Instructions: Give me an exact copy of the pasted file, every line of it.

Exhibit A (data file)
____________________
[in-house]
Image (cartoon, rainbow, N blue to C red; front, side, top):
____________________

[in-house]
Image (cartoon, rainbow, N blue to C red; front, side, top):